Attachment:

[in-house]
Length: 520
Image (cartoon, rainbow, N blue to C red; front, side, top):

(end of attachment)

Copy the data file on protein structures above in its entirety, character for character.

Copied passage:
[in-house]
Length: 520
Image (cartoon, rainbow, N blue to C red; front, side, top):